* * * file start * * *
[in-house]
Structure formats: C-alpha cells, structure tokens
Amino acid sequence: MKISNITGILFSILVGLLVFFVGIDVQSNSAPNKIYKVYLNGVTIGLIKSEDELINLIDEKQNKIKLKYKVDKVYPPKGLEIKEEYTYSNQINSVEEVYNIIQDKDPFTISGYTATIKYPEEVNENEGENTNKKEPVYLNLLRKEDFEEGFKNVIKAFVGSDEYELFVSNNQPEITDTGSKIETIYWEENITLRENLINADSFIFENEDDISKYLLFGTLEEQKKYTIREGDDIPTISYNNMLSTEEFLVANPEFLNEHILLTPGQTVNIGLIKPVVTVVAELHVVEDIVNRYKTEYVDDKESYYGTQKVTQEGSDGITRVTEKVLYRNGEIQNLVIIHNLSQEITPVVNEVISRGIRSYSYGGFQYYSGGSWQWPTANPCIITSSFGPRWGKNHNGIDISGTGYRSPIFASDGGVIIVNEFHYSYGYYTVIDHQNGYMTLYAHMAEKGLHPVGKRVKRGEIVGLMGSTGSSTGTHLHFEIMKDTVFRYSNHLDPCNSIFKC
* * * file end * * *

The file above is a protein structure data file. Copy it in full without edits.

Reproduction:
[in-house]
Structure formats: C-alpha cells, structure tokens
Amino acid sequence: MKISNITGILFSILVGLLVFFVGIDVQSNSAPNKIYKVYLNGVTIGLIKSEDELINLIDEKQNKIKLKYKVDKVYPPKGLEIKEEYTYSNQINSVEEVYNIIQDKDPFTISGYTATIKYPEEVNENEGENTNKKEPVYLNLLRKEDFEEGFKNVIKAFVGSDEYELFVSNNQPEITDTGSKIETIYWEENITLRENLINADSFIFENEDDISKYLLFGTLEEQKKYTIREGDDIPTISYNNMLSTEEFLVANPEFLNEHILLTPGQTVNIGLIKPVVTVVAELHVVEDIVNRYKTEYVDDKESYYGTQKVTQEGSDGITRVTEKVLYRNGEIQNLVIIHNLSQEITPVVNEVISRGIRSYSYGGFQYYSGGSWQWPTANPCIITSSFGPRWGKNHNGIDISGTGYRSPIFASDGGVIIVNEFHYSYGYYTVIDHQNGYMTLYAHMAEKGLHPVGKRVKRGEIVGLMGSTGSSTGTHLHFEIMKDTVFRYSNHLDPCNSIFKC